Panel on Security of the Legislative Council
Admission of Mainland Children
Who Have the Right of Abode under the Basic Law
for Settlement in Hong Kong
This paper reports on the situation as regards the admission of eligible children from the Mainland for settlement in the Hong Kong SAR.
2. Before 1 July 1997, all legal immigrants were admitted into Hong Kong in line with the Mainland*s policy for regulating population flow into Hong Kong and Macau as well as our policy of facilitating family reunion. Upon the coming into effect of Article 24(3) of the Basic Law (BL), eligible children are able to come to Hong Kong as a matter of law rather than policy. BL 24(3) is implemented by the Immigration (Amendment) (No. 3) 1997 Ordinance which introduced the Certificate of Entitlement (C of E) Scheme with effect from 1 July 1997, under which their admission remains subject to the One-way Permit (OWP) quota system.
Admission of Eligible Children
3. Our estimate of the backlog of eligible children (aged under 20) as at 1 July 1997 was 66 000 , based on the best available information. We have no statistics on how many adult eligible children are in the Mainland. The specified sub-quota for eligible children has been increased from 45 to 60 within the 150 OWP daily quota as from 1 January 1998. It is possible that another 10 eligible children would be allowed to come to Hong Kong under the unspecified sub-quota. At this rate, it will take 2' years to clear the bulk of the non-adult eligible children. Between 1 July 1997 and the end of September 1998, a total of 32 457 eligible children have already entered Hong Kong under the C of E and OWP Schemes. Of them, 29 920 were aged under 20 and 2 537 aged 20 and above.
Implications of Court Cases
4. Following the enactment of the Immigration (Amendment) (No. 3) Ordinance 1997, parents of many eligible children have challenged the consistency of this piece of legislation with BL 24(3). Four test cases have been granted legal aid for judicial review. On 9 October 1997, the Court of First Instance affirmed the legality of the Ordinance and the C of E Scheme. The Court also affirmed the retrospective effect of this piece of legislation. However, the Court ruled that for a child to qualify under BL 24(3) as an "eligible child", the determining factor was the birth, not the marital status of the child's parents. In other words, the Court's judgment means that illegitimate children enjoy the same status as children born in wedlock for the purpose of acquisition of right of abode.
5. The children concerned and their parents have lodged an appeal against those parts of the judgment which are unfavourable to them. The Government have lodged an appeal against the judgment on illegitimacy. The Court of Appeal heard the case on 5, 6 and 10 March 1998. The Court made a decision on 2 April 1998has been fixed on 5 March 1998, upholding the lawfulness of the C of E Scheme and its retrospectivity. But the C of E Scheme was held not to apply to persons who are here and came to Hong Kong before 1 July 1997. The illegitimacy provision was ruled unconstitutional.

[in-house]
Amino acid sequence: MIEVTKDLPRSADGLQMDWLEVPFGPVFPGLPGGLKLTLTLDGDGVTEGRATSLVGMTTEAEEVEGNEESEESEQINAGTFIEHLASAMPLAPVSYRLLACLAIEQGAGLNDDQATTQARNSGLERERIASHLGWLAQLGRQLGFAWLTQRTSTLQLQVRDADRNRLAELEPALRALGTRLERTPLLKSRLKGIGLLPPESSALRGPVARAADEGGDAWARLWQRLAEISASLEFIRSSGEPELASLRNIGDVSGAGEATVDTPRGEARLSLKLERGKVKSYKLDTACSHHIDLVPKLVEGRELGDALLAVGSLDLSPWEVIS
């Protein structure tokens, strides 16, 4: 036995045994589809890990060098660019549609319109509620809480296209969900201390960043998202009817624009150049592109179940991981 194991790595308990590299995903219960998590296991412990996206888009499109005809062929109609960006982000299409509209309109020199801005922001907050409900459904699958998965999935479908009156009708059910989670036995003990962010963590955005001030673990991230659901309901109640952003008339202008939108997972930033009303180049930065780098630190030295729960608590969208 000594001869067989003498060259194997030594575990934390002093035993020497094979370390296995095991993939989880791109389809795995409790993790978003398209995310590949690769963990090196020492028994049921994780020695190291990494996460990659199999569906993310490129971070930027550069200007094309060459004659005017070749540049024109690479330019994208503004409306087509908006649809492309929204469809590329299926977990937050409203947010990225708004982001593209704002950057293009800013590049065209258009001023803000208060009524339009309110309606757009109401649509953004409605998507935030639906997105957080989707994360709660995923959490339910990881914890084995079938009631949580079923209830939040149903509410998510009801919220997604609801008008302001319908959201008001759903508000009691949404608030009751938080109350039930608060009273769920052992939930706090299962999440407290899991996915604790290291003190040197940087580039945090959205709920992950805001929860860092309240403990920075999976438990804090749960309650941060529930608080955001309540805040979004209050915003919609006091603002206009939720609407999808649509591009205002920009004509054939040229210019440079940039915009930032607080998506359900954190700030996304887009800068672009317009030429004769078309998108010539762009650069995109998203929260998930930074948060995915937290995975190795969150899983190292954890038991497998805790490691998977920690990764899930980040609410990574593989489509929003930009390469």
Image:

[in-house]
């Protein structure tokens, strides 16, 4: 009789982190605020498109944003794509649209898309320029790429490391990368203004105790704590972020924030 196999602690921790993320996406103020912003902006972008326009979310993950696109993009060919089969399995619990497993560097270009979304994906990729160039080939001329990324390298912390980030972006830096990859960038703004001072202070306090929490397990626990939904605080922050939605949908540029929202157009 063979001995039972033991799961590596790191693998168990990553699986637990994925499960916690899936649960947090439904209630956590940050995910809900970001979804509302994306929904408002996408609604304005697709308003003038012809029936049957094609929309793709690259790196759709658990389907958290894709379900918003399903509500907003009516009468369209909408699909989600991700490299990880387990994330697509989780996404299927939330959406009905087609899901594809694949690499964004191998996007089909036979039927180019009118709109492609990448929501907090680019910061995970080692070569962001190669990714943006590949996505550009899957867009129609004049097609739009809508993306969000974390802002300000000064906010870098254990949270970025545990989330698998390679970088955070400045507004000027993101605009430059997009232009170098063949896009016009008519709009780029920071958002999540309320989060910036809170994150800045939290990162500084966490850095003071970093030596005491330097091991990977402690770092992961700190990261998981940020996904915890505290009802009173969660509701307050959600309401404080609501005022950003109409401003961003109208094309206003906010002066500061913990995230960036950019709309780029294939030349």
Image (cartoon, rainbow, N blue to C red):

6. The Court of Appeal dealt with the legality of the Provisional Legislative Council (PLC) in its subsequent hearing held on 1 May 1998. On 20 May 1998, the Court affirmed that the PLC was lawful.
7. Another test case concerns the stipulation in the Immigration (Amendment) (No. 2) Ordinance 1997 that in order for a child of Chinese nationality born outside Hong Kong to enjoy the right of abode (ROA) in Hong Kong, at least one of his parents should be of Chinese nationality and had ROA at the time of the child*s birth. The parents of a total of 81 Mainland children who were born before either parent had acquired ROA in Hong Kong filed application for judicial review, on the grounds that this provision contravenes BL 24(3), which does not make the same stipulation. The case was heard before the Court of First Instance on 19 January 1998 and the Court handed down a judgment on 26 January 1998 in the applicant*s favour. The serious implication of this judgment, which was recognised by the judge, is that it extends the right of abode to Chinese nationals of any age born outside Hong Kong, one of whose parents acquires the right of abode at any time subsequently. Provided, however, the C of E provisions are upheld, it would still be necessary for such a person to obtain an OWP with a C of E affixed to it before he could be considered as having satisfied the requirements for claiming the ROA in Hong Kong.
8. We have lodged an appeal against this judgment. The Court of Appeal heard the case on 1 May 1998. On 20 May 1998, the Court of Appeal overturned the Court of First Instance's ruling and made a judgment that the "at the time of birth" provision was consistent with BL.
9. All parties concerned in the various sets of litigation have lodged appeals against the judgments that are not in their favour. The Court of Final Appeal will hear these appeals in January 1999.
10. In the meantime, children involved in the Court cases have been released on recognisance and will not be removed from Hong Kong before legal proceedings are concluded. They may approach schools to request admission, or approach the Education Department to request placement assistance. While the appeal proceedings continue, our current arrangement is to allow those who are of school age to go to school.
11. We will continue to closely monitor the situation to ensure speedy and orderly admission of eligible children. We will also follow closely the court proceedings.